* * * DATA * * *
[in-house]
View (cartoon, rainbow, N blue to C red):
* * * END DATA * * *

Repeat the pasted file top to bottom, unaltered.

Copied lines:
[in-house]
View (cartoon, rainbow, N blue to C red):